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article imageInterview with Rock 'n' Roll Hall of Famer Dave Mason Special

By Adrian Peel     Jun 6, 2014 in Music
The celebrated musician and former member of one the most popular bands of the 1960s speaks to Digital Journal about his new album and tour.
One of the founders of Traffic, along with Steve Winwood, Jim Capaldi and Chris Wood, English-born Dave Mason left the original line-up of the band in 1968 after just over a year. He went on to enjoy a productive solo career and also worked with the likes of Jimi Hendrix, Eric Clapton, The Rolling Stones, Paul McCartney and George Harrison.
In May 2014, the 68-year-old released Future's Past, his first album since 2008's 26 Letters 12 Notes, and is currently in the middle of his Traffic Jam Tour, where he performs songs from his entire career. The hardworking multi-instrumentalist spoke to me over the telephone from his home in California and filled me in on what he's been doing since the record came out.
"Well, mostly the thing I've been doing for 45 years - touring! Mostly I'm out with a show called 'Dave Mason's Traffic Jam' and I am revisiting stuff from my early days with Traffic for the first part of the show, and then the second half I'm basically doing my own material."
As a band that experimented with a wide variety of different musical styles - psychedelic rock, folk rock, blues, jazz etc. - Traffic certainly stood out among their contemporaries at the time and I wanted to know if the singer-songwriter responsible for some of their best known tunes, "Hole in My Shoe," "You Can All Join In," "Sad and Deep as You" and "Feelin' Alright," to name but a few, has ever regretted leaving the group so soon after their inception.
"Well it was not so much leaving, it was just that what I was doing didn't fit in there, so I had to go out on my own... But no, I mean it was what it is and it's nice to go back and revisit some of the stuff. Most of the material that I do in the show regarding Traffic is pretty much all Jim Capaldi/Steve Winwood songs and one of my own, 'You Can All Join In'."
I quizzed Dave over the title of the new album. "Well I started going with something that had to do with 'back to the future', but new," he explains in his mid-Atlantic accent that now has more traces of American in it than English, "and eventually got it down to 'Future's Past' because I'm revisiting past songs that I feel are, theme-wise, timeless.
"Some of them are done in a brand new way, totally different from the original. There's probably only one that's close to the original... 'Future's Past' because there's past stuff and there's the stuff that is now, and some of the themes in the songs came out so well that it's hard for me to classify the music. There's a lot of different styles on it because I like a lot of different music styles."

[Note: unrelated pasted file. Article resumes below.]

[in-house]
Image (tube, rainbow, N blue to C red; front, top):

"There's one brand new song on there called 'That's Freedom'," he continues, "and there's three songs that were on a CD about 10 years ago that sort of flew under the radar, ie. 'El Toro (Spanish Blues)', 'How Do I Get to Heaven' and 'Good 2 U'. So to me obviously they're still good because such a vast amount of people have heard them."
And the cover was designed by Graham Nash of Crosby Stills and Nash?
"Graham did the cover, yes. He has an art process he's been doing for quite some time where he takes photographs and paints on them. He's had two or three exhibitions around the country, and this was an old picture he had of me. He sent it to me and I said, 'Oh my God, cool, can we use this for an album cover?' and he said, 'Yeah, go ahead'."
The cover of  Future s Past .
The cover of 'Future's Past'.
Graham Nash
Highlights from Dave's solo career include "We Just Disagree," "Only You Know and I Know" and "Every Woman" and he and his bandmates from Traffic were inducted into the Rock and Roll Hall of Fame in 2004.
Despite all this - and despite having played on such timeless long-playing classics as Beggars Banquet by The Rolling Stones, Jimi Hendrix's Electric Ladyland and George Harrison's All Things Must Past - the artist who included a duet with Michael Jackson ("Save Me") on his album Old Crest on a New Wave in 1980 surprised me a little with his choice of "proudest achievement."
"My proudest stuff is what myself and two other friends do for the vets... We have a charity called 'Work Vessels for Veterans' and we help veterans start their own businesses."
I brought things to a close by asking what many fans of Traffic are probably wondering: Will Dave ever work with Steve Winwood again?
"That's a question you'd have to ask him..."
But you'd be open to the idea?
"Yeah, sure, absolutely... There's a vast audience out there just dying to see us. I know that much..."
Future's Past is available now on iTunes.
Tickets for Dave Mason's Traffic Jam Tour are available here.
For more information, visit his official website.
More about dave mason, Traffic, steve winwood, Rock music, Rock and roll hall of fame